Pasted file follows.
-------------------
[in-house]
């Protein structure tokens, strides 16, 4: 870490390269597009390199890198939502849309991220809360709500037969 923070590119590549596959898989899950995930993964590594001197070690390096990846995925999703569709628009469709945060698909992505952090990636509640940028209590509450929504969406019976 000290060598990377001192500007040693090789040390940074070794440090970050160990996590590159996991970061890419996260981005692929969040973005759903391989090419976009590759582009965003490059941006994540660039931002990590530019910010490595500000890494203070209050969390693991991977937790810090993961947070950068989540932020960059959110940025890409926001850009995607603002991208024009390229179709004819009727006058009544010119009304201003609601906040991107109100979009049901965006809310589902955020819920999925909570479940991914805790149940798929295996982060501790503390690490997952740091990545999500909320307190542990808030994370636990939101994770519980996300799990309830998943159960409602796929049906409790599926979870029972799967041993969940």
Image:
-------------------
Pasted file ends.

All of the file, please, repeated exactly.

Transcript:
[in-house]
């Protein structure tokens, strides 16, 4: 870490390269597009390199890198939502849309991220809360709500037969 923070590119590549596959898989899950995930993964590594001197070690390096990846995925999703569709628009469709945060698909992505952090990636509640940028209590509450929504969406019976 000290060598990377001192500007040693090789040390940074070794440090970050160990996590590159996991970061890419996260981005692929969040973005759903391989090419976009590759582009965003490059941006994540660039931002990590530019910010490595500000890494203070209050969390693991991977937790810090993961947070950068989540932020960059959110940025890409926001850009995607603002991208024009390229179709004819009727006058009544010119009304201003609601906040991107109100979009049901965006809310589902955020819920999925909570479940991914805790149940798929295996982060501790503390690490997952740091990545999500909320307190542990808030994370636990939101994770519980996300799990309830998943159960409602796929049906409790599926979870029972799967041993969940």
Image: